The Prompt – Tells you your writing task. You MUST decode the prompt for both your audience and purpose for writing to stay on topic.
Audience – The prompt will refer to a specific audience like “your principal” or “your peers at school.” Your choice of language (diction) will depend upon your audience.
Purpose –The prompt will explain or refer to the topic you are to persuade others about. YOU MUST STAY ON TOPIC to score well.
Counter Argument – You MUST include the opposing viewpoint somewhere in your essay.
Outline/Pre-Write – ORGANIZE your writing structure FIRST!
Paragraph #1 – Opening Statements Attention Grabber – This draws your audience in as either an interrogative or exclamatory sentence (a question “?” or strong statement “!”)
Thesis –Your clear viewpoint (“I disagree with”, “I support”, “I am for”) on the writing task; includes a rephrase of the prompt.
Counter Argument – A “However,” statement briefly showing the opposite viewpoint.
General Overview of the Essay – Transition statement into the main body paragraph; briefly explains the general logic behind your position.
Paragraph #2 – The Main Body (Evidence and Logic) of Your Essay Topic Sentence – Your viewpoint, which includes your logic about your position.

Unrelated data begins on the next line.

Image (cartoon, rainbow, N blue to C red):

Concrete Detail – A “For example,” statement’ stating your first fact or example supporting your viewpoint.
Commentary –A “This means that”, “This proves that”, or “In my opinion,” statement, which shows your logical opinion of how that fact supports your argument.
Concrete Detail – A “For example,” statement, stating your second fact or example supporting your viewpoint.
Commentary – A “This means that”, “This proves that”, or “In my opinion,” statement, which shows your logical opinion of how that fact supports your argument.
Transition Counter Argument –This statement should strongly “bash” the opposing viewpoint with your strong commentary leading in to your conclusion.
Paragraph #3 – Strong Concluding Statements (The Wrap Up) Rephrase of Thesis – A stronger, more emotional rephrasing of your thesis.
Details Summary – A summary of your evidence that you have shown.
Concluding Logic/Call to Action – Your strong, logical opinion asking for the audience to take action on your issue.